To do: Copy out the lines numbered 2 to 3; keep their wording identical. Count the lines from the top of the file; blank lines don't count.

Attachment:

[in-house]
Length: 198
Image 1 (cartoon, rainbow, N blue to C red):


Length: 198
Image 1 (cartoon, rainbow, N blue to C red):